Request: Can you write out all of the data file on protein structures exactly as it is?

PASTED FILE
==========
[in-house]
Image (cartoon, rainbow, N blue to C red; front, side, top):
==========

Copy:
[in-house]
Image (cartoon, rainbow, N blue to C red; front, side, top):